* Adapted from Beveridge, English for Use ToC  -
Antonyms (and Synonyms) - Child Story # 1 ToC -
Antonyms (and Synonyms) - Child Story # 2 ToC -
Antonyms in Comparison/Contrast Sentences (Voyages # 3) ToC -
Antonyms in Comparison/Contrast Sentences (Voyages # 4) ToC -
Ex # 5 - Fill in the blanks with interesting words.
 Creating Fill-in-the-Blanks Exercises
See also Level 1.1, Exercise # 8
Ex # 5  FiB with interesting words (in Level 1.8)
From Kittredge's The Mother Tongue (3) ToC IG1
From Kittredge's The Mother Tongue (2) ToC IG3
From Kittredge's The Mother Tongue (4) ToC -
Adapted from Voyages in English (# 1) AK ToC G3
Adapted from Voyages in English (# 2) AK ToC G4
"His Dog Jack," from Kittredge's The Mother Tongue ToC IG4
Adapted from Voyages in English (# 3) AK ToC G6
From St. Peter's Fair, by Ellis Peters AK ToC G9
From Lassie, Come Home, by Eric Knight AK ToC -
"The Fish I Didn't Catch," by Whittier Original AK ToC -
From The Dark Frigate,  by Charles Hawes Original  AK ToC  -
From Rudyard Kipling's "How the Leopard Got His Spots" Original AK ToC -
The opening paragraph of Eudora Welty's "A Worn Path" AK ToC -
Ex # 6 - The Logic of Words and Phrases
* Vocabulary ? Logic - "Where Does Each Belong?" AK ToC G3-11
Word Families -- Prefixes, Suffixes, and Roots
Instructional Material
Additional Exercises from William H. Sadlier's Lessons in English
Ex # 7  Suffixes (in Level 1.8)
7 A - Nouns
* Suffixes That Create Nouns - State of Being (Sadlier) ToC G3-11
7 B - Nouns
* Suffixes That Create Nouns -  People (Sadlier) ToC G3-11
7 C - Nouns
* Suffixes That Create Nouns - Office, Place, Collection (Sadlier) ToC G3-11
7 D - Nouns
* Suffixes That Create Nouns - Art, Science, Practice (Sadlier) ToC G3-11
7 E - Adjectives
* Suffixes That Create Adjectives - Quality (Sadlier #1) ToC G3-11
7 F - Adjectives
* Suffixes That Create Adjectives - Power, Potential (Sadlier #2) ToC G3-11
7 G - Adjectives
* Suffixes That Create Adjectives - Relationship (Sadlier #3) ToC G3-11
7 H - Adjectives
* Suffixes That Create Adjectives - Likeness (Sadlier #4) ToC G3-11
7  I - Verbs
* Suffixes for Making Verbs (Sadlier #1) ToC G3-5
* Suffixes for Making Verbs (Sadlier #2) ToC G6-8
* Suffixes for Making Verbs (Sadlier #3) ToC G9-11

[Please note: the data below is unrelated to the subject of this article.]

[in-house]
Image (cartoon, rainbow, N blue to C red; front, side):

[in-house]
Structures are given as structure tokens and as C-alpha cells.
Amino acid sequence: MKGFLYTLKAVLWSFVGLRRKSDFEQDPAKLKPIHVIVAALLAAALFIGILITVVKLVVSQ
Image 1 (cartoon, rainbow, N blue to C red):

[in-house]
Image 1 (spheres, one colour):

7 J - Verbs
* L1.8 Suffixes for Making Verbs from Nouns and Adjectives (Sadlier) ToC G3-11
7 K - Adverbs
* Suffixes That Create Adverbs (Sadlier # 1) ToC G3-5
* Suffixes That Create Adverbs (Sadlier # 2) ToC G6-8
* Suffixes That Create Adverbs (Sadlier # 3) ToC G9-11
Other Exercises
Suffixes That Form Abstract Nouns (from English for Use) ToC  -
Suffixes - Abstract Nouns (Maxwell L1-07-01) ToC -
Suffixes for Making Verbs from Other Verbs (Sadlier) ToC -
Suffixes- P/A Level 1
* Suffixes That Create Nouns - Diminutives + (Sadlier) ToC -
Suffixes- P/A Level 2
* More Suffixes for Making Verbs (Sadlier) ToC -
Suffixes- P/A Level 3.1
* More Practice with Suffixes (Sadlier #1) ToC -
Suffixes- P/A Level 3.2
* More Practice with Suffixes (Sadlier #2) ToC -
Suffixes- P/A Level 4
Suffixes That Denote the Action or the Thing Done (Sadlier) ToC -
Ex # 8  Prefixes (in Level 1.8)
* Some Common Prefixes -- Re-, Sub-, Sur-, Trans- (Sadlier) ToC G3-11
Prefixes- P/A Level 1
* Anglo-Saxon (English) Prefixes (Sadlier) ToC -
Prefixes- P/A Level 2
* Some Latin Prefixes (Sadlier #1) Notes ToC -
Prefixes- P/A Level 3.1
* Some Latin Prefixes (Sadlier #2) Notes ToC -
Prefixes- P/A Level 3.2
* Some Latin Prefixes (Sadlier #3) Notes ToC -
Prefixes- P/A Level 4
* Some Greek Prefixes (Sadlier) Notes ToC -
Ex # 9 Roots (in Level 1.8)
* Identifying Roots (Sadlier) ToC G3-11
Roots - P/A Level 1
Roots - P/A Level 2
* Word Families (Sadlier L2) ToC -
Roots - P/A Level 3.1
* Word Families (Sadlier L3.1) ToC -
Roots - P/A Level 3.2
* Word Families (Sadlier L3.2) ToC -
Roots - P/A Level 4
* Word Families (Sadlier L4) ToC -

 
 
Commonly Misspelled Words
     For a list and explanation, see; "Commonly Misspelled Words."
"Raise" and "Rise" from Macdonald's At the Back of the North Wind. AK ToC IG4
The Logical Patterns of the Parts of Speech 

 
* "Jabberwocky" AK ToC
Additional Exercises
Writing Sentences with Nouns (Maxwell L1-01-06) - ToC -
Fill in the Blanks with Nouns (Maxwell L1-01-07) - ToC -
Fill in the Blanks with Nouns (Maxwell L1-01-08) - ToC -
Abstract Nouns (Longfellow, “The day is done”) (Maxwell L1-07-03) ToC -